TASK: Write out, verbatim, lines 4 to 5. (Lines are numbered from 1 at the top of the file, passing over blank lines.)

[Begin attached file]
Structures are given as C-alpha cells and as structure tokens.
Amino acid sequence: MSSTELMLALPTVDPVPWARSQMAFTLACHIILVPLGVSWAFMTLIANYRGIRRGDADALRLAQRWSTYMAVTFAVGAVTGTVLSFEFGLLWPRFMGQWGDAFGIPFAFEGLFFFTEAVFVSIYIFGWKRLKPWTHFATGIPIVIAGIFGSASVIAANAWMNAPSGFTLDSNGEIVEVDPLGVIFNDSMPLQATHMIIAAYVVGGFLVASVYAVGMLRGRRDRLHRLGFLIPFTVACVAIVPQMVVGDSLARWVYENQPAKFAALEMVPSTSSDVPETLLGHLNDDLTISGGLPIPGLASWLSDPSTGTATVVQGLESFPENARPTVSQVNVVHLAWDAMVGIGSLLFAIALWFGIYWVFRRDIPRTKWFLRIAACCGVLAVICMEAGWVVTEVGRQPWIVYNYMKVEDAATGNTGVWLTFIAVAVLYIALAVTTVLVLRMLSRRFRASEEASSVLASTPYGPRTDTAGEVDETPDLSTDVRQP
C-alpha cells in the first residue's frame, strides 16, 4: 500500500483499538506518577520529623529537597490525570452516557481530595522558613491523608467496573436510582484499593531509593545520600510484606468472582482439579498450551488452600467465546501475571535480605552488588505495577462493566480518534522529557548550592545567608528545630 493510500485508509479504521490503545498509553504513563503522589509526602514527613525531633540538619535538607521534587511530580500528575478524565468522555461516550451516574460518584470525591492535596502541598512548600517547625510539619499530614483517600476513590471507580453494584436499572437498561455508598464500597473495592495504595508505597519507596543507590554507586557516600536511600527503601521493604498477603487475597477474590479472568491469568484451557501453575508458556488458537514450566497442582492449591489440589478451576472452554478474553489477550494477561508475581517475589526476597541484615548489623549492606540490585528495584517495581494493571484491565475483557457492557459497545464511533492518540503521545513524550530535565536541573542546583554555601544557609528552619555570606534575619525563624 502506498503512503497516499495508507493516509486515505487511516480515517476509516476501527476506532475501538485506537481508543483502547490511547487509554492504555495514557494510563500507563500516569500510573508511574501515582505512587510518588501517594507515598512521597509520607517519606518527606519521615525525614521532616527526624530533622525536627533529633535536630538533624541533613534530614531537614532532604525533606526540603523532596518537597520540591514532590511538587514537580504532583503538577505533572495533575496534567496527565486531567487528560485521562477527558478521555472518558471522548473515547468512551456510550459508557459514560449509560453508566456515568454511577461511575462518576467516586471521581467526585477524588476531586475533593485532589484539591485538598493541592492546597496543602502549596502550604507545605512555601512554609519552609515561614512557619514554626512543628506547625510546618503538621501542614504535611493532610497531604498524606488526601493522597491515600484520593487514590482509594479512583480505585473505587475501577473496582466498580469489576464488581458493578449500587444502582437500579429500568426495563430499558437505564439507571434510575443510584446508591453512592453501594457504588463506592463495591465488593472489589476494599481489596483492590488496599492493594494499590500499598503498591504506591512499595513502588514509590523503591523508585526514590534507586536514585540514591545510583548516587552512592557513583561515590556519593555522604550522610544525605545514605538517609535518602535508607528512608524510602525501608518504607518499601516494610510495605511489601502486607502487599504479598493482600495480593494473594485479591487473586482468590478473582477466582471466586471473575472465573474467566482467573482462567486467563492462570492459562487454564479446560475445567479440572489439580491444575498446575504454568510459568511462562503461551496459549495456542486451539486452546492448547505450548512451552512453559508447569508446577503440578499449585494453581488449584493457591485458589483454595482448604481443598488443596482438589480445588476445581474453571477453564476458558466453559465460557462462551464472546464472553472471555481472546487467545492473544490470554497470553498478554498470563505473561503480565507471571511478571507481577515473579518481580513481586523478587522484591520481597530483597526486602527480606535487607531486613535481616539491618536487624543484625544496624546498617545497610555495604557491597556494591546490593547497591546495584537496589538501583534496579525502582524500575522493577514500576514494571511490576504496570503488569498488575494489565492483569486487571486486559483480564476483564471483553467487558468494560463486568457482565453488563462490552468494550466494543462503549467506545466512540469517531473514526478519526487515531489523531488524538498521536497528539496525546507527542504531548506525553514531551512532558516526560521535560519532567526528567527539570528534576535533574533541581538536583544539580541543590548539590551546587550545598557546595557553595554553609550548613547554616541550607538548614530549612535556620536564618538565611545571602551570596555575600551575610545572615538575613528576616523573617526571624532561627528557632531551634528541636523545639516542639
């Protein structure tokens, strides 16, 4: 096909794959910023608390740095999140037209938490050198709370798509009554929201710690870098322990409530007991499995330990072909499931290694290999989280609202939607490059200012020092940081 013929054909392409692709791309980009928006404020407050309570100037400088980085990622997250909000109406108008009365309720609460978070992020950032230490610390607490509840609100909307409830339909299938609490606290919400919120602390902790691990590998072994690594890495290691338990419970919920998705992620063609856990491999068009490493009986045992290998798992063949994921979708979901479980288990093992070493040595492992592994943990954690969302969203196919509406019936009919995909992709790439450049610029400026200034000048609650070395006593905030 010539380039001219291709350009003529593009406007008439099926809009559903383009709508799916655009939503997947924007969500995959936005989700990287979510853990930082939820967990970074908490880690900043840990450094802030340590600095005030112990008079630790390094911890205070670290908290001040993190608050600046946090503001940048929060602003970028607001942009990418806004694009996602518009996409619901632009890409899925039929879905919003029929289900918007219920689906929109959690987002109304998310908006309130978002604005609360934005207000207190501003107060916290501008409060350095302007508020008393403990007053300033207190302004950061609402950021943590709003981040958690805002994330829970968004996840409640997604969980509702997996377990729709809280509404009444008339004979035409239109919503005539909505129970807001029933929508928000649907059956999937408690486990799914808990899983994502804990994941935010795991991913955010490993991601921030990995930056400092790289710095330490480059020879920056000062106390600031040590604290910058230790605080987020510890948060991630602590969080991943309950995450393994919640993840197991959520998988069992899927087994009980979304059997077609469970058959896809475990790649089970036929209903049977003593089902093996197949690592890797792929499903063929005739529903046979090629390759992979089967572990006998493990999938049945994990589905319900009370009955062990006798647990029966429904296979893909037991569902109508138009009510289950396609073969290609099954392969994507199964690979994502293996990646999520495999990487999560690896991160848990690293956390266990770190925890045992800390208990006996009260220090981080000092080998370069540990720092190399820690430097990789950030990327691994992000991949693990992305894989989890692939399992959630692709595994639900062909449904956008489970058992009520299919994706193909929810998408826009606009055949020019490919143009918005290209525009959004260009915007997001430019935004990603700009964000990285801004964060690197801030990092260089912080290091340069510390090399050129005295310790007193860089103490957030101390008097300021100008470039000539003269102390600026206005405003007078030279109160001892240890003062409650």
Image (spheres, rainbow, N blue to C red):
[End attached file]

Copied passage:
């Protein structure tokens, strides 16, 4: 096909794959910023608390740095999140037209938490050198709370798509009554929201710690870098322990409530007991499995330990072909499931290694290999989280609202939607490059200012020092940081 013929054909392409692709791309980009928006404020407050309570100037400088980085990622997250909000109406108008009365309720609460978070992020950032230490610390607490509840609100909307409830339909299938609490606290919400919120602390902790691990590998072994690594890495290691338990419970919920998705992620063609856990491999068009490493009986045992290998798992063949994921979708979901479980288990093992070493040595492992592994943990954690969302969203196919509406019936009919995909992709790439450049610029400026200034000048609650070395006593905030 010539380039001219291709350009003529593009406007008439099926809009559903383009709508799916655009939503997947924007969500995959936005989700990287979510853990930082939820967990970074908490880690900043840990450094802030340590600095005030112990008079630790390094911890205070670290908290001040993190608050600046946090503001940048929060602003970028607001942009990418806004694009996602518009996409619901632009890409899925039929879905919003029929289900918007219920689906929109959690987002109304998310908006309130978002604005609360934005207000207190501003107060916290501008409060350095302007508020008393403990007053300033207190302004950061609402950021943590709003981040958690805002994330829970968004996840409640997604969980509702997996377990729709809280509404009444008339004979035409239109919503005539909505129970807001029933929508928000649907059956999937408690486990799914808990899983994502804990994941935010795991991913955010490993991601921030990995930056400092790289710095330490480059020879920056000062106390600031040590604290910058230790605080987020510890948060991630602590969080991943309950995450393994919640993840197991959520998988069992899927087994009980979304059997077609469970058959896809475990790649089970036929209903049977003593089902093996197949690592890797792929499903063929005739529903046979090629390759992979089967572990006998493990999938049945994990589905319900009370009955062990006798647990029966429904296979893909037991569902109508138009009510289950396609073969290609099954392969994507199964690979994502293996990646999520495999990487999560690896991160848990690293956390266990770190925890045992800390208990006996009260220090981080000092080998370069540990720092190399820690430097990789950030990327691994992000991949693990992305894989989890692939399992959630692709595994639900062909449904956008489970058992009520299919994706193909929810998408826009606009055949020019490919143009918005290209525009959004260009915007997001430019935004990603700009964000990285801004964060690197801030990092260089912080290091340069510390090399050129005295310790007193860089103490957030101390008097300021100008470039000539003269102390600026206005405003007078030279109160001892240890003062409650």
Image (spheres, rainbow, N blue to C red):